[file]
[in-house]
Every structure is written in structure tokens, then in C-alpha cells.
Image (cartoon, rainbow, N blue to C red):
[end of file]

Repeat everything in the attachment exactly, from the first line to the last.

[in-house]
Every structure is written in structure tokens, then in C-alpha cells.
Image (cartoon, rainbow, N blue to C red):